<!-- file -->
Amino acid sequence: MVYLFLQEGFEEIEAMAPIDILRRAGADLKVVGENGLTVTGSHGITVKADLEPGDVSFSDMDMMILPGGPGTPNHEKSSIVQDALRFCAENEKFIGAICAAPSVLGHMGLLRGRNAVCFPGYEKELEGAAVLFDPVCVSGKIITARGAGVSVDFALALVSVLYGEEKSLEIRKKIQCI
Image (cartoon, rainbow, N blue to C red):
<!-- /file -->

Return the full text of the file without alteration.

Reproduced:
Amino acid sequence: MVYLFLQEGFEEIEAMAPIDILRRAGADLKVVGENGLTVTGSHGITVKADLEPGDVSFSDMDMMILPGGPGTPNHEKSSIVQDALRFCAENEKFIGAICAAPSVLGHMGLLRGRNAVCFPGYEKELEGAAVLFDPVCVSGKIITARGAGVSVDFALALVSVLYGEEKSLEIRKKIQCI
Image (cartoon, rainbow, N blue to C red):